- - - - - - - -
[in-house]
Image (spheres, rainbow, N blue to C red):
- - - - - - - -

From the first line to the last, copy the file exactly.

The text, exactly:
[in-house]
Image (spheres, rainbow, N blue to C red):